Financial Regulation is one of the most important topics the City has to contend with today. Not only has London faced reputational damage to its position as a global financial centre following the financial crisis, the square mile risks further damage as finance leaders appear to rebut the need for greater regulation.
This week the Bank of England has confirmed previously announced proposals that include a seven-year bonus claw back, greater scrutiny of bonuses and the possibility of criminal charges for misconduct to be brought against specific individuals. Omar Ali, UK head of banking and capital markets at EY said that “The regime is likely to be the strictest of any market or industry.” In addition the proposals from the Vickers Commission that include the ring-fencing of retail and investment banking draw ever closer to implementation with Banks asking for delays and warning of potentially devastating consequences, as well as stricter stress testing and further legal battles hitting the industry hard in coming months and years.
Believers in the free market would say that regulation is restrictive and drives up business costs which in turn can reduce profits, force up prices and reduce international competitiveness. It is no doubt true that complying with regulation is costly and I would agree that it is possible an increase in regulation would cause competitiveness concerns however it is also possible, in the case of financial services that less regulation or lobbying against further regulation actually has a negative impact on international competitiveness.
For the short-term the regulations face significant resistance particularly when they seem to be stronger than those in other countries, however could stricter regulation today mean a more successful finance industry tomorrow?
One possibility is that greater regulation in London attracts investors to the UK looking to utilise the services of reliable, secure financial institutions that have a low probability of bankruptcy and hence their deposits or other investments are relatively safer in the UK than abroad. During the crisis the UK Government famously used Anti-Terrorism Laws to freeze Icelandic assets in the UK in order to return UK savers their deposits from Icelandic Banks; one example of how lax regulation was self-defeating; would you now invest in Iceland? If strict regulations are enforced effectively and the likelihood of a Bank failing is reduced as a result, in the long term the liquidity of credit in the London markets may improve as confidence returns and so too may the accessibility of funds for borrowing by UK firms hence impacting the wider economy. It is not too far-fetched to imagine greater financial security offered by UK domiciled institutions who fully comply with incoming regulation to receive greater fees from their services in the long term as individuals and investors may pay a premium for greater security, and the reassurances to be had from strict regulation and a robust legal framework.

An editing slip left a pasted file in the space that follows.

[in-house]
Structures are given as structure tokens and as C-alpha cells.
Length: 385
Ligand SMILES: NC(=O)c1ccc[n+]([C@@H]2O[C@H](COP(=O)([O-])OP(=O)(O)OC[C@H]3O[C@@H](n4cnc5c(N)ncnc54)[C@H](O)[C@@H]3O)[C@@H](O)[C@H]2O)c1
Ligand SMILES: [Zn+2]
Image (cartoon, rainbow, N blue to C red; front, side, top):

The UK Government would undoubtedly favor such an argument when facing significant anti-regulation rhetoric in the media and while there may be claims that such ‘extreme’ measures are unaffordable, the real questions should be one that asks if it is affordable not to pursue such policies, not only from the prospective of the UK Taxpayer, but for the financial institutions themselves.
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